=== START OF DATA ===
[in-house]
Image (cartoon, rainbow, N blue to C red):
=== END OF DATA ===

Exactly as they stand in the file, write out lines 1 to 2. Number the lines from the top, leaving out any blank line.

[in-house]
Image (cartoon, rainbow, N blue to C red):